To say that plots change while a story is being worked on is kind of like saying water is wet and the sky is blue.
Is it a bad thing? Not really because many reasons can contribute this phenomena rearing its ugly head. Perhaps the writer has grown bored with the subject material and wishes to take it in another direction. Perhaps the writer is stuck at a certain point (the first paragraph tends to be my personal Torquemada) and wants to try different things to get things moving again. Perhaps the writer is simply going through a bout of procrastination and is trying to compensate by moving words around.
The main problem with making changes while a story is in work-in-progress mode is that it delays finishing the story and when that happens, time tends to fly by faster than one might expect. Next thing you know, years have passed and one is left scratching their head in a most perplexed manner.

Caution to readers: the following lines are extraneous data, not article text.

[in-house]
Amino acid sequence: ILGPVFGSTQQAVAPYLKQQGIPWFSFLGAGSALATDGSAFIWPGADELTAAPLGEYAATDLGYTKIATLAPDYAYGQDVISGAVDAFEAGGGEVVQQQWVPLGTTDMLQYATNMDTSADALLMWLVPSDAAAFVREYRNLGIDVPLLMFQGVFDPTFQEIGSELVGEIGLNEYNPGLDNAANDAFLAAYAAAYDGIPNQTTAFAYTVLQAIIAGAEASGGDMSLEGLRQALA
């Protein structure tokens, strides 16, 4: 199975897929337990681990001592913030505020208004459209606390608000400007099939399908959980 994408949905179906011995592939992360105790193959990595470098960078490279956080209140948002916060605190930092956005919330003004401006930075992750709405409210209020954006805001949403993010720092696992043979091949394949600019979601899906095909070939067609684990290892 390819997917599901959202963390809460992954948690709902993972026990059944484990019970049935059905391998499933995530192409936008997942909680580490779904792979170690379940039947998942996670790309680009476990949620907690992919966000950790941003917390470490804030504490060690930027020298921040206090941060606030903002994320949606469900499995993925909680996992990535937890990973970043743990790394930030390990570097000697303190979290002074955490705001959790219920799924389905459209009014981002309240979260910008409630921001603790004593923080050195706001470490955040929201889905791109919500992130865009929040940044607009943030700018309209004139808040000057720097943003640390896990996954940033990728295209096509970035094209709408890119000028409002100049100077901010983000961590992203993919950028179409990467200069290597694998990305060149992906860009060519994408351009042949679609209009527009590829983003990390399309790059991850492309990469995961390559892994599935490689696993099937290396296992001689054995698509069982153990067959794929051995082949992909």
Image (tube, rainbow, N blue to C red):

Could it be a good thing? Perhaps if the changes stick and a new story emerges from the old. I’m sure it happens but I wouldn’t put any wagers on it.
Having a solid and well-defined outline can help to keep one on track but in the end, remaining faithful to the spirit of the story is the most important thing to remember.
So, pour your favorite beverage, organize your workspace, and get to it. Stories don’t write themselves.